“They give [results] to the sponsor.” (Female Filipina domestic workers)

“They put the papers on a table (indicates with hands ‘spread out’). It was open, not in an envelope. The men had to find their picture and take their result.” (Male Indian garage worker)

Accessibility to treatment, care and support for migrants Confirmatory tests are only undertaken if workers test positive for HIV. Information on workers who test positive for HIV is passed from testing centres to a number of additional institutions. Bahrain’s policy requires that all HIV positive cases detected by health centres must be reported to the Ministry of Health Public Health Department. This is done by filling out a specially created form for reporting HIV positive cases. The Ministry of Health then informs the National Aids Committee, who arranges for a confirmatory test. If the worker tests positive for HIV a second time, the National Aids Committee then arranges the migrant worker’s deportation with the sponsor and the General Directorate of Nationality, Passports and Residence (Immigration).

Test results are available within 7 days of taking the test or, for a higher cost, within one day. There does not appear to be any consultation during the disclosure of results, and most migrant workers stated that they collected the results themselves. This was not the case for domestic workers: all domestic workers interviewed reported that their results were sent to or collected by their sponsor. This is also confirmed by the Doctor in a private testing centre:

“If the result is ok… they will come to the office and take the report. And if it is not ok, they will say ‘call your sponsor’ or ‘give this letter to your sponsor’.”

Supposedly, in the case of a treatable illness, workers will be referred to another health centre or hospital. However, among those migrants interviewed, only two people indicated that they were informed about referral for treatment.

There are three categories under which a migrant is declared as unfit. Workers who test positive for a communicable disease, such as HIV, hepatitis B, malaria, leprosy, tuberculosis or an STI are declared unfit. Those who are found to have chronic conditions such as chronic renal failure, chronic hepatic failure, congestive heart failure, uncontrolled hypertension, uncontrolled diabetes mellitus, cancer, psychiatric or neurological disorders and physical disabilities (including colour blindness, deafness) are considered unfit. And pregnancy among female migrant workers is also grounds for being declared unfit.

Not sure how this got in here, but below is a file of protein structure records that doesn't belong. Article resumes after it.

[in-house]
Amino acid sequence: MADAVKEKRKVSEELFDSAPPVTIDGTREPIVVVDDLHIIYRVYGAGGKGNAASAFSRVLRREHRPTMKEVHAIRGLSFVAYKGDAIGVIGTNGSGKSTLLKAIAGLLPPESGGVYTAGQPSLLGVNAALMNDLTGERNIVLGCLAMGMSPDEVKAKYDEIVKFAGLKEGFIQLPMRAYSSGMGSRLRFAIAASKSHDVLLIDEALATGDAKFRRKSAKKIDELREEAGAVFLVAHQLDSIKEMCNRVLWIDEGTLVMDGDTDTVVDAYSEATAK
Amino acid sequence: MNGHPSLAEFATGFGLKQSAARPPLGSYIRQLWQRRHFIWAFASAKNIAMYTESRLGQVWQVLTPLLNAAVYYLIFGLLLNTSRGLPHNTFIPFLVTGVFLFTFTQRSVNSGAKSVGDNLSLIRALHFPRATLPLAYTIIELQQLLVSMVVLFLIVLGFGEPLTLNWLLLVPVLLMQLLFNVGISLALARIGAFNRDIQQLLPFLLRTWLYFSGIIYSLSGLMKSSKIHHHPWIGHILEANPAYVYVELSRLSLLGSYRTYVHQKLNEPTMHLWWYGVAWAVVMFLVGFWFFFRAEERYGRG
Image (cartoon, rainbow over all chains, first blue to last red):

Migrants found to have active TB are provided with two weeks’ treatment before being deported. Other than that, there was no evidence of a referral system for workers that are declared unfit. While migrants found to be HIV positive are reportedly advised to seek treatment in their country of origin, there was no indication of referral for treatment either through GAMCA centres or otherwise, and very basic HIV counselling is reportedly provided prior to their deportation. Moreover, antiretroviral treatment (ART) for HIV-infected persons is only available to Bahrainis. A joint campaign by the Ministry of Health and United Nations Development Programme (UNDP) has been launched to raise awareness on HIV as a means of preventing its spread, but it is unclear whether migrant worker communities are targeted and how such activities will reach them.

Treatment for non-communicable and relatively minor illnesses discovered during the mandatory testing is available to migrant workers, although they may have to bear the costs themselves. It was found that very few of the migrants interviewed had medical insurance. Access to health centres poses a problem for workers living in labour camps due to their location. Also, site foremen or middle managers often deter workers from seeking medical help for work-related injuries to avoid incurring costs to the company. Moreover, there are no NGOs or organisations specifically providing health care, support or information to migrant workers. Although some sending countries’ embassies hold regular medical camps, some workers may be reluctant to turn to their embassies out of fear of dealing with the authorities and the consequences of being found unfit.